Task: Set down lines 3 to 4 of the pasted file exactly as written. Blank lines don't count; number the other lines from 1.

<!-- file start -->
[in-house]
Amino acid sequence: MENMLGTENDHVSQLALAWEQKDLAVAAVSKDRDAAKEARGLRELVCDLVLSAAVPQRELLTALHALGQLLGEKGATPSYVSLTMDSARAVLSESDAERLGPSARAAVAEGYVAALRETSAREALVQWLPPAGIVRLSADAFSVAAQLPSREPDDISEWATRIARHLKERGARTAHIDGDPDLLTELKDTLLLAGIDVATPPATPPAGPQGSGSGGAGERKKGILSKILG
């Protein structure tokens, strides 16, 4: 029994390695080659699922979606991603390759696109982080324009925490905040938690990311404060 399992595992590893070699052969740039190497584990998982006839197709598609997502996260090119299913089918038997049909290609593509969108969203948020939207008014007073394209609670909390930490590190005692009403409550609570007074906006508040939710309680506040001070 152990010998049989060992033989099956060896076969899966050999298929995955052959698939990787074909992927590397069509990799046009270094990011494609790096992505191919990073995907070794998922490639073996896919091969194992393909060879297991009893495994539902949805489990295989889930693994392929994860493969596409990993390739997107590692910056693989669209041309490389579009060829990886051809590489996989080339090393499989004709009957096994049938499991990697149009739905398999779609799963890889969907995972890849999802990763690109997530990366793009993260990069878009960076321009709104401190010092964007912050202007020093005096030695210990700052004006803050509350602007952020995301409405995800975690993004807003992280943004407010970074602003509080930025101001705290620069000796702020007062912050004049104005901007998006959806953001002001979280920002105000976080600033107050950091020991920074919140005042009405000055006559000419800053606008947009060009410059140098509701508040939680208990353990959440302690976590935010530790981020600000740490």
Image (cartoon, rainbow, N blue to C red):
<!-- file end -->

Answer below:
């Protein structure tokens, strides 16, 4: 029994390695080659699922979606991603390759696109982080324009925490905040938690990311404060 399992595992590893070699052969740039190497584990998982006839197709598609997502996260090119299913089918038997049909290609593509969108969203948020939207008014007073394209609670909390930490590190005692009403409550609570007074906006508040939710309680506040001070 152990010998049989060992033989099956060896076969899966050999298929995955052959698939990787074909992927590397069509990799046009270094990011494609790096992505191919990073995907070794998922490639073996896919091969194992393909060879297991009893495994539902949805489990295989889930693994392929994860493969596409990993390739997107590692910056693989669209041309490389579009060829990886051809590489996989080339090393499989004709009957096994049938499991990697149009739905398999779609799963890889969907995972890849999802990763690109997530990366793009993260990069878009960076321009709104401190010092964007912050202007020093005096030695210990700052004006803050509350602007952020995301409405995800975690993004807003992280943004407010970074602003509080930025101001705290620069000796702020007062912050004049104005901007998006959806953001002001979280920002105000976080600033107050950091020991920074919140005042009405000055006559000419800053606008947009060009410059140098509701508040939680208990353990959440302690976590935010530790981020600000740490």
Image (cartoon, rainbow, N blue to C red):